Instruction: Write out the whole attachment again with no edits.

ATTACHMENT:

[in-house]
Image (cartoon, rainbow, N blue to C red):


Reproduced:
[in-house]
Image (cartoon, rainbow, N blue to C red):